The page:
4 more ways to help middle schoolers get organized

Helping students get organized

help middle schoolers get organizedMiddle schoolers’ lives are multi-faceted, dynamic and dramatic. And while we talk about how to grow self-directed, engaged and motivated students, that growth can’t take place while students are overwhelmed and anxious about managing their daily lives.

Last time, we looked at how to organize the tech itself. Now let’s look at how to use powerful tech tools (shiny!) to help make middle school manageable.

1. Checklists

Possibly the least tech-powered tool ever, right? A-ha! The humble list might be old school, but tools for wrangling them are decidedly next gen*. A few examples:

  • 1:1 with iOS? As part of your device profile, pre-load a to-do list in the Reminders app. Sync that puppy with the Calendar app.

help middle schoolers get organized

 

  • Padlet was maaaaade for to-do lists. Set up a class board and conduct class discussions to build the to-do lists you’ll need as a group to stay organized.
  • Google Classroom incorporates to-do lists by default, because it is just that fancy. Look under the Classroom Menu > Assignments. As students turn in assignments, they’re automatically checked off the list.
  • Looking for a super-powered taskmaster? Our fave is Wunderlist: free iOS app, Mac OS app, online version: they all sync up. Plus you can share lists, create subtasks and folders, set due dates and reminders. It has customizable backgrounds! And best of all, when you check something off, it makes a quiet dinging noise. That’s going to be awesome in a middle school classroom, guaranteed.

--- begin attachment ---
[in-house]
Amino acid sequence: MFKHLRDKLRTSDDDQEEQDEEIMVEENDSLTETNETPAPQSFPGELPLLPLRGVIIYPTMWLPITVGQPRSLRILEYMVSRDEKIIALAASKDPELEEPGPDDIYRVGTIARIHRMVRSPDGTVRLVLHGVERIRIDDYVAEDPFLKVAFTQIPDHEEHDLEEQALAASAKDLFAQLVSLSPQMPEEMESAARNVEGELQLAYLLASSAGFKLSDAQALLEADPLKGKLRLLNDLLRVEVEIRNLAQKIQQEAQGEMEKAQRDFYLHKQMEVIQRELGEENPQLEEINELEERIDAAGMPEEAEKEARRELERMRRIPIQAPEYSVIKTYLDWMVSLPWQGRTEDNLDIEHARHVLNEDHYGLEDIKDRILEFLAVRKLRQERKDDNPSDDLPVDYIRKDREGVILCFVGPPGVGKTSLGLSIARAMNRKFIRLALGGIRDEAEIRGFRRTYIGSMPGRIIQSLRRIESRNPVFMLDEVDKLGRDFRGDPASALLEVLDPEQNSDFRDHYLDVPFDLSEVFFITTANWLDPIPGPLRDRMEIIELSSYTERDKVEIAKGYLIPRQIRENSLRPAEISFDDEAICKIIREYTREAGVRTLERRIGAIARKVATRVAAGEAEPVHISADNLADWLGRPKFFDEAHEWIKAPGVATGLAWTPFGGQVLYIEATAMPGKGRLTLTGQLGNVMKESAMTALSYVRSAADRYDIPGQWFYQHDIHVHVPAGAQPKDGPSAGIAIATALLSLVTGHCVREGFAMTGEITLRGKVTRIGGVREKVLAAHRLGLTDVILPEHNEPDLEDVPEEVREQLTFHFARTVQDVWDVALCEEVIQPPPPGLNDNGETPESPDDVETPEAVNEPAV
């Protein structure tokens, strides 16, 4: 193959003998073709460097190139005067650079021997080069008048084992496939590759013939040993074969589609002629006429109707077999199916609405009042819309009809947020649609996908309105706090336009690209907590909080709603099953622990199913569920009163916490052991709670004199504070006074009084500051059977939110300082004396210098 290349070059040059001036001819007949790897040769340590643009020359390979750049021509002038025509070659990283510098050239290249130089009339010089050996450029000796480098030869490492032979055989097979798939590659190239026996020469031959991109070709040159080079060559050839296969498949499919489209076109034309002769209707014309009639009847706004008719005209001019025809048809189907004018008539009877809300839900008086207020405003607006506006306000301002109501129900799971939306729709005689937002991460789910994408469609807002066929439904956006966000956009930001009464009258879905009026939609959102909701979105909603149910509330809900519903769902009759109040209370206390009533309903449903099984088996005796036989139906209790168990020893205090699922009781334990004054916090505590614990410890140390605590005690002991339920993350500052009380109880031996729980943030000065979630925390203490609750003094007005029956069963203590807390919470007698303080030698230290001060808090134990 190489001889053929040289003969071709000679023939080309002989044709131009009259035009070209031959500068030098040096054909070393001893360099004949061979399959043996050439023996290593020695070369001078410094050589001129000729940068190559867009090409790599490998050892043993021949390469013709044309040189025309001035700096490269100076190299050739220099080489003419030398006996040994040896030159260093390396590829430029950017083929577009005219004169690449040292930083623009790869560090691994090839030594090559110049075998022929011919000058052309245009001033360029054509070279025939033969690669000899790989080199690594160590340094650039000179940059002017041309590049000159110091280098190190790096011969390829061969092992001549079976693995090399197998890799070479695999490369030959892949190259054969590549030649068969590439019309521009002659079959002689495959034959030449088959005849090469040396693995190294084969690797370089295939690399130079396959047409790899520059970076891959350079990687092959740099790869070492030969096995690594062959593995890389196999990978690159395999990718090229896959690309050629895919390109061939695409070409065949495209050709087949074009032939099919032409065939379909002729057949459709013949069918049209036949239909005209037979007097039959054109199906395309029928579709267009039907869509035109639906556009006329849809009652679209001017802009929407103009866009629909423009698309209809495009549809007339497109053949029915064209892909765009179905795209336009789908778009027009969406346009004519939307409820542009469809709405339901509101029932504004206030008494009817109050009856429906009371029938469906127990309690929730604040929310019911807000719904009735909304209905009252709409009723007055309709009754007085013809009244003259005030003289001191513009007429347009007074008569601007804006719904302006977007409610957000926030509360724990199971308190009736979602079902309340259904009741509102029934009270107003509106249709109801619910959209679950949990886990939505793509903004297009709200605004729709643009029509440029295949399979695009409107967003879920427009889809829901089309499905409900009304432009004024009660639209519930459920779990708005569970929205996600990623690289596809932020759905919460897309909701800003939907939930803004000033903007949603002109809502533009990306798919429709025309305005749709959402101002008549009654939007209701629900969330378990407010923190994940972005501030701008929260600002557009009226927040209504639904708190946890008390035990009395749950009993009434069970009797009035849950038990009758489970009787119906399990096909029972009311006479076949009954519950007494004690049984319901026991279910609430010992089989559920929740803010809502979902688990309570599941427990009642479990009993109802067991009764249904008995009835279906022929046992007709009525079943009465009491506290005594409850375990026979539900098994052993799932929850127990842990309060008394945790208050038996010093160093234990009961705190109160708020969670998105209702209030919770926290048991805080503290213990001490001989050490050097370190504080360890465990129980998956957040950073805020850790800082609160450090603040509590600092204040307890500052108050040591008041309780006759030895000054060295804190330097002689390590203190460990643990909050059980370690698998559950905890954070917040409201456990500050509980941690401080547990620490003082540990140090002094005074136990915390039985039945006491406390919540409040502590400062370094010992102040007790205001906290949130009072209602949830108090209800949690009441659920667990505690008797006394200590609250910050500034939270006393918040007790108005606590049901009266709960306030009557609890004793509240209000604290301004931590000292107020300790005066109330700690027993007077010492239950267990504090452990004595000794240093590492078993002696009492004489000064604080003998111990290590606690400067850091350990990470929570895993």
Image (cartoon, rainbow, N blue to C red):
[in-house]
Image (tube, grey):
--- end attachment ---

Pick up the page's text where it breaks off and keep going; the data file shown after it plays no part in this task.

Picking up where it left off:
help middle schoolers get organized

2. The digital portfolio as virtual Trapper-Keeper

One clear benefit of the PLP is that students can collect and curate evidence of their learning, creating a story of their interests, hobbies, challenges, and success as learners. These portfolios can be a Google Site, a blogger blog, or a profile on Protean or Schoology. Students can take pictures and upload their work, therefore skipping the struggle to find and keep in real life papers and portfolios.

Some additional benefits?

  • Most tools have private vs public settings for work, giving students a chance to revise drafts before sharing
  • Customizable environments encourage students to make the space their own; it’s like when they open the door to their bedroom and throw things inside: all those pieces of learning evidence now have an online place.

The other thing about the customizable nature of a good digital portfolio tool is the ability to create personally relevant tabs or sections. That way if a student is struggling with keeping track of homework assignments, for example, or looking for a way to stay organized specifically with math topics, they can create tabs to collect just those particular resources.

3. Harness students’ creativity in sharing strategies

What works to keep one student organized may not work for the rest. But maybe it could work for one other student. One way to find out: share those organizational strategies!

Make videos

Check out this student-made video on the horrors of disorganization, and more specifically, ways those particular students have managed to get organized.

Could your students create videos like this to share at the beginning of the year? What about hosting a film festival around a problem area, such as device management? Films could showcase students’ innovative solutions, then the class could vote on a solution to try!